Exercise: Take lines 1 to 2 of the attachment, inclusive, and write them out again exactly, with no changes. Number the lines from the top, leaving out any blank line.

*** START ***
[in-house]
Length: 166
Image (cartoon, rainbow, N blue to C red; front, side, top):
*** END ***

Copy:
[in-house]
Length: 166